Though Ebola’s dangers are real and terrifying, epidemiologists and other authorities say that, for now, its greatest mark could be on the psyche of the country where other health threats are more perilous.

President Obama late Wednesday sought to quell any risk of panic, telling the American people, “The dangers of your contracting Ebola, the dangers of a serious outbreak, are extraordinarily low.”

[A]ll over the country, Americans expressed deep anxiety about the threat of Ebola. According to a new Washington Post-ABC News poll, two-thirds of Americans are worried about an Ebola epidemic in the United States, and more than 4 in 10 are “very” or “somewhat worried” that they or a close family member might catch the virus.

And the perspective of Tom Toles, the Post’s editorial cartoonist:

BLOG Toles

More from Al Jazeera America:

In battling Ebola, fighting panic is as critical as containing virus

  • Allaying fears while urging vigilance is a unique challenge for public health officials

As U.S. public health officials and hospital workers race to help contain the global Ebola epidemic, they are confronting an equally pressing challenge at home: tamping down public hysteria.

Although the virus has wreaked havoc on West Africa, claiming more than 4,400 lives, according to the latest estimates by the World Health Organization, only three cases have been diagnosed in the United States. The disease is not airborne and can be spread only through contact with the bodily fluids of an infected person who is exhibiting symptoms. Still, the news that a second health care worker was infected in Dallas after caring for an Ebola patient and allegations by nurses that the hospital where he was treated had sloppy protocols have added to unease across the United States.

“Ebola is serious. People are understandably afraid of what it means and what the implications are for them,” said Peter Jacobson, a professor of health law and policy at the University of Michigan. “At the same time, we have really excellent public health professionals who are able to communicate the extent of the threat, what we know and what we don’t know.”

Ebolaphobia rampant, via the New York Times:

As Ebola Fears Spread, Ohio and Texas Close Some Schools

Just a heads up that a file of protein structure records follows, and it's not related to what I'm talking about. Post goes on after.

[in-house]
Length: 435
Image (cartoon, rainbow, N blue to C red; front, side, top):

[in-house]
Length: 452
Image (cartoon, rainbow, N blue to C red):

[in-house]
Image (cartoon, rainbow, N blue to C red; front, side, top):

An Ebola-infected nurse’s air travel between Dallas and Cleveland has sent ripples of concern through at least two states, leading to school closings and voluntary isolations.

Schools in Texas and Ohio were closed on Thursday after officials learned that students and an adult had either been on the flight with the nurse, Amber Joy Vinson, or had contact with her while she was visiting the Akron area.

Both Ms. Vinson and another nurse who contracted Ebola, Nina Pham, were part of the medical team that treated an Ebola patient, Thomas Eric Duncan, at Texas Health Presbyterian Hospital in Dallas. Ms. Vinson traveled from Cleveland to Dallas the day before she showed symptoms of the disease.

In Akron, Ohio, officials dismissed students at the Resnik Community Learning Center at midday and said it would remain closed until Monday. In a letter to parents, the schools superintendent in Akron, David W. James, said that “a parent at the school had spent time with Ebola patient Amber Vinson when she visited the area this past weekend.”

Another manifestation from the Los Angeles Times:

‘No Ebola here,’ college says after evacuation spurs rumors, fears

The student whose flu-related comments led to a classroom building at Southwestern College in Chula Vista being evacuated Thursday does not have Ebola, a college spokeswoman said.

The student has a sister in the hospital with flu-like symptoms. The sister was not near any Ebola patient or on any airline flight that such a patient may have taken, said college spokeswoman Lillian Leopold.

Concern about a possible Ebola connection spread through rumor and social media faster than officials could confirm whether the student or a family member had been exposed to the deadly virus, Leopold said. Within minutes, local media were reporting a possible Ebola connection.

Southwestern College said in a statement that it had evacuated and cordoned off Building 470 as a precaution. Emergency personnel from the city of Chula Vista were at the scene, but San Diego County public health officials did not send a team.

And from CNN:

How worried is the Pentagon about Ebola? Creating special Ebola boot camp and updating pandemic plans

And then there’s this, via BuzzFeed:

GOP Senator: ISIS Using Ebola Is A “Real And Present Danger”

  • Asked whether the U.S. should be concerned about ISIS militants bringing Ebola into the country, Sen. Ron Johnson said we should do everything possible to prevent such a thing

A Republican senator says he sees the threat of ISIS militants intentionally infecting themselves with the Ebola virus and then traveling to America as a “real and present danger.”

“Well, it’s certainly something I’ve been thinking about ever since this Ebola outbreak started,” Sen. Ron Johnson of Wisconsin said Wednesday of ISIS using Ebola on America’s Forum on NewsmaxTV.